As an award for quality journalism, she had zero difficulty in meeting the standard.

A Connecticut Yankee Moves to Knoxville

At the beginning, the Guru said he had two colleagues to salute.

We are trying to find a crafty way to announce this because if we get it right, the internet traffic to the Guru’s blog will reverse direction again and bolt forward, fueled by people using such search terms as “Connecticut,” “Tennessee,” “Pat Summitt,” and /or “Geno Auriemma.”

The New Haven Register’s Karen Tucker, a younger but equally talented member of the infamous media “horde” that covers the UConn women, has made a career switch and will now call Knoxville home.

She’ll make her debut on the job today (Oct. 2) as the new Director of Basketball Relations at the Women’s Basketball Hall of Fame.

Karen had worked at the New Haven paper for the past four years and was hired soon after her graduation from Southern Connecticut in 2002 with a double major in Spanish and journalism.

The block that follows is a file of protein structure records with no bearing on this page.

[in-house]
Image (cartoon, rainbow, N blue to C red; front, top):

Her main beat concentrations the last two years have been covering the UConn women, as mentioned, and also the WNBA’s Connecticut Sun.

The vacancy in Knoxville was created in early May with the departure of Nan Elrod, an individual beloved by everyone dealing with the WBHOF from all aspects of the sport.

It was an exit that was met with shock at the time, especially from members of the media who have dealt with Nan, a most personable advocate over the years.

In fact, Nan was a “totally stunned” recipient at the Women’s Final Four in Boston when she was surprised by the United States Basketball Writers Association at its annual brunch with the pioneer award for helping to bring increased media attention to the sport.

We are confident she will continue to be around all of us once she makes a choice from a series of possibilities involving a new phase in her career.

Although not personably happy, in fact “distressed” over the decision involving Nan, the Guru’s talent division moved ahead and scored another success in Karen’s hire as a successor. (You all know the other recent achievements – oh, it’s October, go to the archives).

Karen grew up in Vernon, near the UConn campus town of Storrs.